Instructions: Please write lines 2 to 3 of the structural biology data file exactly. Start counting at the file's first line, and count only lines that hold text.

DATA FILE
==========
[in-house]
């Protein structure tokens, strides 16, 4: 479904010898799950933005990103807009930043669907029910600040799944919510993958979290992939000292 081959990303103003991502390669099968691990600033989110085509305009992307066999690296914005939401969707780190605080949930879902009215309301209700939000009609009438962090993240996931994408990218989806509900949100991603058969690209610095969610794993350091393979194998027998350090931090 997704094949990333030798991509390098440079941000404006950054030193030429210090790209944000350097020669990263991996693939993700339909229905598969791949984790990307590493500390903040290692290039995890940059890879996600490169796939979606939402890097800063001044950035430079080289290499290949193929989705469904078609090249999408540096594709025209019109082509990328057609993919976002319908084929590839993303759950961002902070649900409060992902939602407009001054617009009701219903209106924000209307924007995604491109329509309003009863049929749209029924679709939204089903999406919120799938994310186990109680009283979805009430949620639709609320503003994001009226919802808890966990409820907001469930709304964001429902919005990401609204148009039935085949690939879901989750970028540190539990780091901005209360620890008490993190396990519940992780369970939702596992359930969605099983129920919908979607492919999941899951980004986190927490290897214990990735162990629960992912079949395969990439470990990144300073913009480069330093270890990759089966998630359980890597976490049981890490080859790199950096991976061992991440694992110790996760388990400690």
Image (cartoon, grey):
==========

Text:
């Protein structure tokens, strides 16, 4: 479904010898799950933005990103807009930043669907029910600040799944919510993958979290992939000292 081959990303103003991502390669099968691990600033989110085509305009992307066999690296914005939401969707780190605080949930879902009215309301209700939000009609009438962090993240996931994408990218989806509900949100991603058969690209610095969610794993350091393979194998027998350090931090 997704094949990333030798991509390098440079941000404006950054030193030429210090790209944000350097020669990263991996693939993700339909229905598969791949984790990307590493500390903040290692290039995890940059890879996600490169796939979606939402890097800063001044950035430079080289290499290949193929989705469904078609090249999408540096594709025209019109082509990328057609993919976002319908084929590839993303759950961002902070649900409060992902939602407009001054617009009701219903209106924000209307924007995604491109329509309003009863049929749209029924679709939204089903999406919120799938994310186990109680009283979805009430949620639709609320503003994001009226919802808890966990409820907001469930709304964001429902919005990401609204148009039935085949690939879901989750970028540190539990780091901005209360620890008490993190396990519940992780369970939702596992359930969605099983129920919908979607492919999941899951980004986190927490290897214990990735162990629960992912079949395969990439470990990144300073913009480069330093270890990759089966998630359980890597976490049981890490080859790199950096991976061992991440694992110790996760388990400690």
Image (cartoon, grey):